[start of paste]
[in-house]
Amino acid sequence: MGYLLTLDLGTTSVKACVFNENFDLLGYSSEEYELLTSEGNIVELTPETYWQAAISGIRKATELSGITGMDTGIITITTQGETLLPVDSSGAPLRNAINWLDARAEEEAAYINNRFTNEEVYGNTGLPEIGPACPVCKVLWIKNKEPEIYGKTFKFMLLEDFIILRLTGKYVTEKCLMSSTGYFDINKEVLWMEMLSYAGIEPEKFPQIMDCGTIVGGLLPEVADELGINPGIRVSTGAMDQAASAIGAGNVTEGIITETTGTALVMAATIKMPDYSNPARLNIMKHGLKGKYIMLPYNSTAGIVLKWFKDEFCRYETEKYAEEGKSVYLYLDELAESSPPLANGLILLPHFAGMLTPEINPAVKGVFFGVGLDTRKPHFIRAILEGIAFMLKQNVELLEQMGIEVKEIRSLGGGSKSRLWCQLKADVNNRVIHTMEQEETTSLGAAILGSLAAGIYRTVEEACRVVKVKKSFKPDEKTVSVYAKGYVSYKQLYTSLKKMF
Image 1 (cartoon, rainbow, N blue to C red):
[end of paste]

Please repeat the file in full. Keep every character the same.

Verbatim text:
[in-house]
Amino acid sequence: MGYLLTLDLGTTSVKACVFNENFDLLGYSSEEYELLTSEGNIVELTPETYWQAAISGIRKATELSGITGMDTGIITITTQGETLLPVDSSGAPLRNAINWLDARAEEEAAYINNRFTNEEVYGNTGLPEIGPACPVCKVLWIKNKEPEIYGKTFKFMLLEDFIILRLTGKYVTEKCLMSSTGYFDINKEVLWMEMLSYAGIEPEKFPQIMDCGTIVGGLLPEVADELGINPGIRVSTGAMDQAASAIGAGNVTEGIITETTGTALVMAATIKMPDYSNPARLNIMKHGLKGKYIMLPYNSTAGIVLKWFKDEFCRYETEKYAEEGKSVYLYLDELAESSPPLANGLILLPHFAGMLTPEINPAVKGVFFGVGLDTRKPHFIRAILEGIAFMLKQNVELLEQMGIEVKEIRSLGGGSKSRLWCQLKADVNNRVIHTMEQEETTSLGAAILGSLAAGIYRTVEEACRVVKVKKSFKPDEKTVSVYAKGYVSYKQLYTSLKKMF
Image 1 (cartoon, rainbow, N blue to C red):